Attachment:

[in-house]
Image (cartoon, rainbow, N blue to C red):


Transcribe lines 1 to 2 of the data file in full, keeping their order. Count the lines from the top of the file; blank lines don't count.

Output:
[in-house]
Image (cartoon, rainbow, N blue to C red):